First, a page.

Death in the electric chair is now unconstitutional in the state of Nebraska. Why? Because the Nebraska Supreme Court has decided that it is “cruel and unusual punishment.”
Nebraska is the last state in the country to use electrocution as its sole means of capital punishment. Instituted in 1913, the chair was first used in 1920. Since then, fifteen murderers have been executed in this manner.
One of them was John Joubert, a 20-year-old airman stationed at Offutt Air Force Base. In late 1983, Joubert terrorized the adjacent city of Bellevue for four months. Beginning in September of 1983, he kidnapped, tortured and murdered two local boys, ages 12 and 13, and then committed sexual acts on their mutilated bodies. In January of 1984, Joubert was captured and subsequently confessed to his crimes. In spite of this clear-cut, straight-forward confession, with all the ridiculous appeals now built into the system, it took 12 years before he was finally put to death in 1996.
The Nebraska Supreme Court’s ruling was a 6-1 decision. Interestingly, but not surprisingly, the six judges who suddenly discovered that the electric chair was unconstitutional after 95 years in practice were appointed by Nebraska’s last Democrat governor, Ben Nelson. The one dissenting vote on the court was from Chief Justice Mike Heavican, appointed by Nebraska’s current Republican governor, Dave Heineman.
Heavican said the court’s majority injected “their own subjective values into the constitutional analysis.”
“The danger in such subjectivity is subtle but nonetheless potent,” the chief justice wrote. “Judges do not sit as a body of elected representatives, as do legislatures.”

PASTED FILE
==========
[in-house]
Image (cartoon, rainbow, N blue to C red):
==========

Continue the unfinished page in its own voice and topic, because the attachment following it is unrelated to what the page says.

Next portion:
Heineman agreed, saying he was “appalled” by the ruling. He sharply criticized the Supreme Court for what he called “unprecedented and deeply disappointing” judicial activism.
“Today, the court has asserted itself improperly as a policymaker,” the governor said. “Once again, this activist court has ignored its own precedent and the precedent set by the U.S. Supreme Court to continue its assault on the Nebraska death penalty.”
The Nebraska court upheld the constitutionality of the electric chair as recently as 2000.
Ten men now sit on death row in Nebraska:
Carey Dean Moore, now 49, shot to death two cab drivers, Reuel Van Ness, Jr., and Maynard Helgeland in 1979. Three decades later, the taxpayers of Nebraska still pay for his upkeep.
Michael Ryan, 59, was a sadistic cult leader in Rulo, Nebraska, in the 1980s. Ryan was convicted in 1985 for torturing to death a young follower, James Thimm.
John Lotter, 35, shot Teena Brandon, Lisa Lambert and Phillip Devine in a farmhouse near Humboldt, Nebraska, on New Years Eve 1993. This case was portrayed in the 1999 movie “Boys Don’t Cry.”
David Dunster, 52, was sentenced to death for strangling of his cellmate, Larry Witt, in 1997. Previously, he had murdered his cellmate in Montana and a mother of eight in Oregon. The cold-blooded Dunster had raped her and shot her in the head.
Arthur Gales, Jr., 41, raped and murdered 13-year-old Latara Chandler and drowned her 7-year-old brother, Tramar, in Omaha in 2000.
Jeffrey Hessler, 28, kidnapped, raped and murdered Heather Guerrero, a 15-year-old Gering newspaper carrier in 2003.
Jose Sandoval, 27, Jorge Galindo, 25, and Eric Vela, 26, shot to death five people — Lisa Bryant, Jo Mausbach, Sam Sun, Evonne Tuttle and Lola Elwood — during a bank robbery in Norfolk, Nebraska, in 2002.
And then there is Raymond Mata, 34, who was the subject of the Nebraska Supreme Court’s ruling. Mata murdered 3-year-old Adam Gomez of Scottsbluff, dismembered the little boy’s body and fed parts of it to a dog.
And now the Nebraska Supreme Court has decided that strapping vermin like this into an electric chair is “cruel and unusual” — because it hurts.
To which the vast majority of Nebraskans would respond, “So what?”
Sign up to the Human Events newsletter